Saturday, 24 October 2009

Nick Griffin's response to Question Time

The BBC was accused last night of letting BNP's Nick Griffin 'play the martyr' amid bitter recriminations over his appearance on Question Time.

Senior MPs accused the corporation of whipping up controversy to maximise viewing figures - then crudely stage-managing the programme so he was under attack throughout from the audience and fellow panellists.

They said the attempt to expose his racist views risked backfiring because some voters would feel he had been unfairly treated.

Last night it emerged that:

  • Complaints that the show was biased against Mr Griffin outnumbered by more than two to one those about him being allowed to appear;
  • Some of the audience appear to have been rushed through the vetting process in a bid to emphasise the multi-cultural nature of London;
  • Audience members were briefed to ask 'provocative' questions and host David Dimbleby told them it was acceptable to boo;
  • More than eight million people tuned in - four times the usual audience and more than watched Strictly Come Dancing last week;
  • The BNP boasted that since Mr Griffin's appearance, 3,000 people had registered to sign up as members;
  • Joel Weiner, 17, who dramatically confronted Mr Griffin about Holocaust denial, said he applied to attend a Question Time programme more than a year ago, but was approached just 24 hours before filming.

Mr Griffin himself said he planned to make a formal complaint to the BBC, over 'twisting' the programme format. He said the episode 'was not a genuine Question Time, it was a lynch mob'.

'People wanted to see me and hear me talking about things like the postal strike. Let's do it again and do it properly this time,' he added.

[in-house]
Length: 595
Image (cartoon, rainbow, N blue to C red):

Question Time is supposed to be a random cross-section of the British public who put the questions of the day to leading politicians.

But extraordinary details emerged yesterday of the lengths to which the BBC went to make sure Nick Griffin got his 'comeuppance' on Thursday night's incendiary edition of the programme, which drew a record 8.1million audience.

Observers claimed that the make-up of the audience appeared to have been deliberately slanted towards the young, multi-cultural and metropolitan.

The BBC flatly denies cherry-picking activists or potential troublemakers. It says that those selected were plucked from a database only containing those who had applied to go on the show before Mr Griffin's appearance had been confirmed.

However a British Asian who clashed with the BNP leader revealed last night that he had been approached to take part only a couple of days before the show.

Khush Klare, 38, asked Mr Griffin what country a British-born Asian was supposed to return to. He then suggested that Mr Griffin himself should go to the South Pole, provoking a wave of laughter.

Mr Klare, a Hindu director of a financial services company, said he had been approached to go on the show by a friend from university. 'When he told me that Nick Griffin would be there on behalf of the BNP, I said, "Absolutely".'

Up to ten BNP supporters are thought to have been in the 200-strong audience. The BBC points out that it always attempts to ensure that the audience is representative of the show's town or city - which on Thursday was London.

However, members of the audience have told the Mail they were handed a detailed crib-sheet which encouraged them to ask questions which were 'short, sharp and provocative'.

The word 'provocative' was underlined in the document handed to them before they went into the studio.

In addition, this sheet contained profiles of the five guests - Mr Griffin, LibDem Chris Huhne, Justice Secretary Jack Straw, Tory peer Baroness Warsi and writer Bonnie Greer. In every single profile, the panellist's views on race was highlighted.

During the warm-up for Thursday's recording of the show, audience members were told they should feel free to jeer when they considered it appropriate.

Daily Mail

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